Things are already complicated and confusing during this pandemic. But throw in the influence of conspiracy theories, and it gets a whole lot messier.
"Our democracy cannot really function the way it is supposed to in a world in which conspiracy theories are on equal footing in the marketplace of ideas with your credible information and reporting," Worland said.
One of the more popular conspiracy theory groups is QAnon. You've probably heard QAnon mentioned before. Essentially born out of the 2017 "Pizzagate" incident, the movement is based around the theory that President Donald Trump is bringing about a "great awakening" and will expose prominent political figures — the Deep State — for child abuse and political cover-ups.
"It's been referred to as a movement kind of on par with the birth of a religion where Q is the leader of that religion or that cult," Worland said.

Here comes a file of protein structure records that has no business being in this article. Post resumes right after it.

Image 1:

Darragh Worland with the News Literacy Project, a Newsy partner, points out how politicians give the movement a signal boost.
"Trump has also retweeted accounts that are known for espousing QAnon theories. And we're seeing more and more elected officials and candidates, political candidates who are also espousing QAnon theories. So it's really crept into mainstream politics," Worland said.
Worland says QAnon's ability to absorb any theory into an overarching one by connecting dots that don't actually connect makes it an incubator for conspiracy theories. Those theories provide scapegoats and explanations for what's happening in an unsettled world, especially one mired in a global pandemic where there aren't always answers to what's going on.
"It also offers like a sense of control in a situation where there is really no sense of control, where we feel like there are powers greater than ourselves that are at play that are controlling outcomes," Worland said.
Viruses are eventually contained, sometimes eradicated. Conspiracies and movements fade. But Worland says this conspiracy movement will likely hang about unless society as a whole makes an effort to fact check the information we consume and resist spreading information that hasn't been verified.